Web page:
Guided Inquiry in Sweden! My Long Journey Begins here…

I am Lena Fogelberg Carlsson from Sweden!

My very first encounter with the theory of the Information Search Process (Kuhlthau) was when I started my education to become a librarian in 1997. One of the first lectures that I attended was performed by Louise Limberg. Today she´s professor emerita but at that point she was just about to present her doctoral thesis in library and information science. She had examined the relationship between the perception high school students held of information seeking and the quality of their papers as evaluated by teacher and librarian. In her lecture she introduced the research of Carol Kuhlthau. When I heard that research existed where the feelings, thoughts and actions of teenagers were considered interesting and valuable stuff, I was hooked. And not only that, but the reason why someone was interested in this was because it seemed like a good idea to find out more about the difficulties that teenagers experience when they are trying to achieve deep knowledge. I was baffled. It was the most pedagogical statement I had ever heard.

At this point I was a high school teacher drop out. I had dropped out of school a number of times and thought I would never go back again. But this made me change my mind. Someone more than me wanted school to be interesting, fun and real and thought that there could be valuable findings in texts by young adults.

My master thesis in library and information science was a survey conducted among a group of young adults examining their opinion of libraries with the starting point in the fire of the city library of Linköping. The public library had burnt down and I thought that it would be really interesting to find out what it was that had burnt down to a number of 15 year olds. Asking these kids a lot of open questions where they could formulate themselves in writing about among other things the fire as such, the value of a library in a society, their school libraries, libraries as rooms, reading, information seeking and their strategies after the fire gave me a very complex picture. Not a very good paper, no proper research question. I wanted to get the whole picture. A number of corner stones have stayed with me ever since 2000 when the paper was completed:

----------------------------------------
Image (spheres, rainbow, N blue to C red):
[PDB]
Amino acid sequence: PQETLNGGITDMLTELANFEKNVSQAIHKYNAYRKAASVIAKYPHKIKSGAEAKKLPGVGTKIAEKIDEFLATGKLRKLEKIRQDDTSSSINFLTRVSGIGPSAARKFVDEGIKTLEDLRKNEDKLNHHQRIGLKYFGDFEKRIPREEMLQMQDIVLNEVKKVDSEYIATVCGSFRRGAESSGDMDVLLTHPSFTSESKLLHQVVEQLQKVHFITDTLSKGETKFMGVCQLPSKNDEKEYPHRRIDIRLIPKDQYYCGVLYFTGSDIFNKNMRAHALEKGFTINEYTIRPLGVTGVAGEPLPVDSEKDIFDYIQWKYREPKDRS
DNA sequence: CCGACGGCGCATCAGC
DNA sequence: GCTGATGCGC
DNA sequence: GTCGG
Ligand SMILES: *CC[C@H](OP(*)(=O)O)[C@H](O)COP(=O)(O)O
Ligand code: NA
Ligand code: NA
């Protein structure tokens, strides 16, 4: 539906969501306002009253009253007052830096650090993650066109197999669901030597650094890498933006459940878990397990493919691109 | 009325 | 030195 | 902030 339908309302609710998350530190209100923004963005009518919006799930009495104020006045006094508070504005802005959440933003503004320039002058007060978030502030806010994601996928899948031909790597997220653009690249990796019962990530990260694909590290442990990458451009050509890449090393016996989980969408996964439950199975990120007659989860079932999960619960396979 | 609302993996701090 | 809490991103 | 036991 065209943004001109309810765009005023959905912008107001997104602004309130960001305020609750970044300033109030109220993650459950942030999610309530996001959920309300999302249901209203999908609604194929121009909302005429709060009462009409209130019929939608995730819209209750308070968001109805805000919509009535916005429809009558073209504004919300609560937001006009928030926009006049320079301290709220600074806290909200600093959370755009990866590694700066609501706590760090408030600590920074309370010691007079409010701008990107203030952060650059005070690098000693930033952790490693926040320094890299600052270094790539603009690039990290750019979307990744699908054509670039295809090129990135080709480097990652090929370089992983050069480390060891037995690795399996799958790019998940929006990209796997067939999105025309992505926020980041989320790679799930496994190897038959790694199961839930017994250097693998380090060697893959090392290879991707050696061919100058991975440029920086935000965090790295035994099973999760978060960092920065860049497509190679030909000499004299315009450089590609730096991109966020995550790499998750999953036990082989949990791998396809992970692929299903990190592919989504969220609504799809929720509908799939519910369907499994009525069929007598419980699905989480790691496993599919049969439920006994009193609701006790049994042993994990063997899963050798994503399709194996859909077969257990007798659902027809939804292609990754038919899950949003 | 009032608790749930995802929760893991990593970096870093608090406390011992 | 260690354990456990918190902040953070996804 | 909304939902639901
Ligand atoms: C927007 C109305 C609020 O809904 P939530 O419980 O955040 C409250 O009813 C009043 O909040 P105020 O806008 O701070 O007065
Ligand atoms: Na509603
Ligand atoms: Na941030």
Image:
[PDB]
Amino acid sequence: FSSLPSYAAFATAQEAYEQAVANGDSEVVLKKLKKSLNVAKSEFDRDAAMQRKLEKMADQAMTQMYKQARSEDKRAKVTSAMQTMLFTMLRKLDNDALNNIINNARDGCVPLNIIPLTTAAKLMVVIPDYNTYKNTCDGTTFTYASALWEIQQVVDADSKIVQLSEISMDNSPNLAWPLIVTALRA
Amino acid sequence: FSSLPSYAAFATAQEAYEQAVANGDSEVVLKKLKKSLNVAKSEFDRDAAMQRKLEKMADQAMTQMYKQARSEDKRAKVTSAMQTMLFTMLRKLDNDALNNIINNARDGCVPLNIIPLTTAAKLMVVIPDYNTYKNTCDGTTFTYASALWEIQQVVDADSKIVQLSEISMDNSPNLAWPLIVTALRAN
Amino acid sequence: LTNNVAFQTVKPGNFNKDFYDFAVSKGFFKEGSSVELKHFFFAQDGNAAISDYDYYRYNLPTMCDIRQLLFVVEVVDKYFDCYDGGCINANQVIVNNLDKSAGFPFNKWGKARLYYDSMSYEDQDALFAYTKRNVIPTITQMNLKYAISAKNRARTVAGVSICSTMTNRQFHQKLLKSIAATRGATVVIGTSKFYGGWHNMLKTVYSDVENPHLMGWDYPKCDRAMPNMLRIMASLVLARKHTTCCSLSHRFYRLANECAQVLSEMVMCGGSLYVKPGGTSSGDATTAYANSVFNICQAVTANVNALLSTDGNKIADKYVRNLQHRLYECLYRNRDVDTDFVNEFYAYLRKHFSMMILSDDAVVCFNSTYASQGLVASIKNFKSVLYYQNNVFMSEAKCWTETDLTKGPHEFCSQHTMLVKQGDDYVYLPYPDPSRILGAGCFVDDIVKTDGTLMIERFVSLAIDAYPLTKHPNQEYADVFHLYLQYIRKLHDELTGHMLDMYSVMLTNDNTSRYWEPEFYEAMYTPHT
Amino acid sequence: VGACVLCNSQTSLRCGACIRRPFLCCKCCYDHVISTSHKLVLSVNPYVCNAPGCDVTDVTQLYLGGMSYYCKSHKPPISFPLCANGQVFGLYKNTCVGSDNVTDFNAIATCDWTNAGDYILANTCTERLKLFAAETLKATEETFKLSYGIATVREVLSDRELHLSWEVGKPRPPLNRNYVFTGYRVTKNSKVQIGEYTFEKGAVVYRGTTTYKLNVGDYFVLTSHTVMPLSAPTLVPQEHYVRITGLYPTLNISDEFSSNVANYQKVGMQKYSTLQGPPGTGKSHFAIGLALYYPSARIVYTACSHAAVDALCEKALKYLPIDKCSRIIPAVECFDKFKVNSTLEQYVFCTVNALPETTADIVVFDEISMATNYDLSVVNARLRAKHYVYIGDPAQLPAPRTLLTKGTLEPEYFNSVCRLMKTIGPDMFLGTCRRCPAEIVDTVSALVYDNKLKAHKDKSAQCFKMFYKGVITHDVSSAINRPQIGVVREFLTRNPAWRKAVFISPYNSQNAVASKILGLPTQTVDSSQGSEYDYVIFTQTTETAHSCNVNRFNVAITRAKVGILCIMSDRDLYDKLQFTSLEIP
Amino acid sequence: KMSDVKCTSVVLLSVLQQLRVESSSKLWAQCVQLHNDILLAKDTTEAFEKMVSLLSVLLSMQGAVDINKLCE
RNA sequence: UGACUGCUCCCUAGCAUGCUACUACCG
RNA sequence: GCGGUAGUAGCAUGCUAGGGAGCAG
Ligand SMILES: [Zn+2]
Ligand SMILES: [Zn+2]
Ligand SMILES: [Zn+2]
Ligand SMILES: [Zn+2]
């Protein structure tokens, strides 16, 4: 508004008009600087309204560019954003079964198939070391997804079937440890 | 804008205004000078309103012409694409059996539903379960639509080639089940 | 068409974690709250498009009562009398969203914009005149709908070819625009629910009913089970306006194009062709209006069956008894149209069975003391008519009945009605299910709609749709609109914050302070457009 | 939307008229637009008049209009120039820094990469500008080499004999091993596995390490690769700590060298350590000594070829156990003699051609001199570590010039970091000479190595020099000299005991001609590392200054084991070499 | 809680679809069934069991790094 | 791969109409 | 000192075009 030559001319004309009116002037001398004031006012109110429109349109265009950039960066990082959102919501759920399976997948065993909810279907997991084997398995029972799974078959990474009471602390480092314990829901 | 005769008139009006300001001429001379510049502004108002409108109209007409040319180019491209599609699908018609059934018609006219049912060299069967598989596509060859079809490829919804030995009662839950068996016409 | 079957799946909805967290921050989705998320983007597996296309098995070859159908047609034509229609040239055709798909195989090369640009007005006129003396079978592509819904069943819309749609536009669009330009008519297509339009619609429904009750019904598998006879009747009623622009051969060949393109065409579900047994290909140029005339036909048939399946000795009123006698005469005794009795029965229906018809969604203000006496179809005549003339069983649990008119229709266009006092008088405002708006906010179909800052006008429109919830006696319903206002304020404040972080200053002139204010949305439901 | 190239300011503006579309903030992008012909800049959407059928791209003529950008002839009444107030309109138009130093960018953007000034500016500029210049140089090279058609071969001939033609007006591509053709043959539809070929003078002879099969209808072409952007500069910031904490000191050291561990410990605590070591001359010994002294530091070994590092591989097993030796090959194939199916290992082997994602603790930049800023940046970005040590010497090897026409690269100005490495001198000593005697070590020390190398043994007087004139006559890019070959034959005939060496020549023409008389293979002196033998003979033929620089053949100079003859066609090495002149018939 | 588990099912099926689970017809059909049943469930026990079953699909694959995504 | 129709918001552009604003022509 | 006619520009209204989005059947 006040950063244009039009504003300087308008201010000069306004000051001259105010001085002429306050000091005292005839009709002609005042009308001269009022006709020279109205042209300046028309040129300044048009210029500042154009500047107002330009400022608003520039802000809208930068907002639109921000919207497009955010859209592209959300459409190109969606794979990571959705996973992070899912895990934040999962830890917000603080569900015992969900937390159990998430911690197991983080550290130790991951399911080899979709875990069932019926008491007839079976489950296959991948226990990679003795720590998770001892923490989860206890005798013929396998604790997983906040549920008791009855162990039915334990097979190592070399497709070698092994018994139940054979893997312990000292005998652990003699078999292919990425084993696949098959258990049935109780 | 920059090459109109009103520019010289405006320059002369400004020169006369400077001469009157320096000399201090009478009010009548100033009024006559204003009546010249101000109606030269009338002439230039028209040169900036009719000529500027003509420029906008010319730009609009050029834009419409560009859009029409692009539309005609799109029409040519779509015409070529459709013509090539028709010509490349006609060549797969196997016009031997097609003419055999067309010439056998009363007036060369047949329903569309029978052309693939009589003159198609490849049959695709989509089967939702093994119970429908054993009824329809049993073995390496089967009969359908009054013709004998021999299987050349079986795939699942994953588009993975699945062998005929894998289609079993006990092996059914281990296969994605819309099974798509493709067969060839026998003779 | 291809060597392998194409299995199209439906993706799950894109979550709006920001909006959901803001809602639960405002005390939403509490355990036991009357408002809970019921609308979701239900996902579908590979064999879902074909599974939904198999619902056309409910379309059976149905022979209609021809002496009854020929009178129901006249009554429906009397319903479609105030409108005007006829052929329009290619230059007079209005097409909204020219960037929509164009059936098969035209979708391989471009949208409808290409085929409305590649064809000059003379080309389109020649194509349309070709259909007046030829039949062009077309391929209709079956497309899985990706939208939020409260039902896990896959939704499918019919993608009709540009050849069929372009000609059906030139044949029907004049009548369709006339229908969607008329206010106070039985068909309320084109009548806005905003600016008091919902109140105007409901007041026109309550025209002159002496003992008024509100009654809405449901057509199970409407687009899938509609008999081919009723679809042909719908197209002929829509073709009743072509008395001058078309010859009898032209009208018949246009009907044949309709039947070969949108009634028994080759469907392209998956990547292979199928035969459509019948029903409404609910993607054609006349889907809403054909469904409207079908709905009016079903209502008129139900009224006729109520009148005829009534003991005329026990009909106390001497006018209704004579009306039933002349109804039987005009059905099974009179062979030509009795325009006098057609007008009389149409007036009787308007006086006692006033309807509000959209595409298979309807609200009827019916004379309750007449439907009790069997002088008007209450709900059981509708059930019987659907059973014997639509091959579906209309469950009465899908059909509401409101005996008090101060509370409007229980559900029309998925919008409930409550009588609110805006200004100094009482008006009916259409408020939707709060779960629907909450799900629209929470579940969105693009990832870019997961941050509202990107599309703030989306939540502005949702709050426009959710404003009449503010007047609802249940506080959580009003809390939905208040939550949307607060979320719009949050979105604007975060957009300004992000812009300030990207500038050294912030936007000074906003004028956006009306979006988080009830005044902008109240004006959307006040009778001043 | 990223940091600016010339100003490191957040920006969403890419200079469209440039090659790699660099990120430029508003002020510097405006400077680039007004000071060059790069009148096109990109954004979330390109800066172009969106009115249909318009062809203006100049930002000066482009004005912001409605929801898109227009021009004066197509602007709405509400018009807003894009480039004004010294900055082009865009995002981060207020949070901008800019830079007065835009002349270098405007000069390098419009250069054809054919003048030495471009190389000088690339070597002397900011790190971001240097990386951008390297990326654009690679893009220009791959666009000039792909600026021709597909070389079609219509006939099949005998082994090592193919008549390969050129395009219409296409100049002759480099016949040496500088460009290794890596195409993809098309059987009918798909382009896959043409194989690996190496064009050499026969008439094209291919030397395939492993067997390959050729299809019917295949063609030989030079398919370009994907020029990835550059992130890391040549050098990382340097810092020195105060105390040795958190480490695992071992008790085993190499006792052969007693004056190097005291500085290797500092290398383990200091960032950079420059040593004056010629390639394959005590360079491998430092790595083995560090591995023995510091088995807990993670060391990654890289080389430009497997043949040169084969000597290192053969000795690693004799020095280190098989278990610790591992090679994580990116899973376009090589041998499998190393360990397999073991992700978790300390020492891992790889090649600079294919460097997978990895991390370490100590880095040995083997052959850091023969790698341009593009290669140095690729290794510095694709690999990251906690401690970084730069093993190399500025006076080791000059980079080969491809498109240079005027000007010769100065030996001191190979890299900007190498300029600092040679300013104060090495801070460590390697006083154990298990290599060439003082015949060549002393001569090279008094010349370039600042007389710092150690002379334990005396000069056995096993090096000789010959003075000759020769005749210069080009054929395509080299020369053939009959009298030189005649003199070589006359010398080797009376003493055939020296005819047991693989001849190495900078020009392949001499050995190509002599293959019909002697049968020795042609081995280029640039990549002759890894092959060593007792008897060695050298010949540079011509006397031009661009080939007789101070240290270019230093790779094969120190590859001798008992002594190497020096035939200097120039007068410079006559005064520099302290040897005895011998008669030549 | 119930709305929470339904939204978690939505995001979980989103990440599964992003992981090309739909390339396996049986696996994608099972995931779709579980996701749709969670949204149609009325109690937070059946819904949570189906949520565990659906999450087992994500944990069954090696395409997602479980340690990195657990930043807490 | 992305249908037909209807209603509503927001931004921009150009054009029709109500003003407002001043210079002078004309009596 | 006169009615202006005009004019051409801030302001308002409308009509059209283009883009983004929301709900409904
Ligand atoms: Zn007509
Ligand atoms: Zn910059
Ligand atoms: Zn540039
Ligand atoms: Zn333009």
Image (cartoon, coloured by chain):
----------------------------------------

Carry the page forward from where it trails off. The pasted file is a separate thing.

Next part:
Libraries can hold an existential value for teenagers. They can care enormously about what the books represent, they care about if the room is beautiful and if the librarians are kind and understand teenagers that do not know how to ask “library questions”. They can formulate that libraries hold different values at different times in a person´s life: when they were kids, when they will be students, when they become parents and when they grow old.

I was very surprised.

I had never liked libraries myself, boring places that never managed to invite me in and that seemed to have a qualifying system of which I never cracked the code.

I had loved to read since I was five but book stores were my places.

There were also students in my investigation that didn´t have a relationship to libraries at all. They didn´t like to read, they wrote. Libraries do not have anything for me, they wrote. But they also wanted to put forward that libraries can hold a value to others.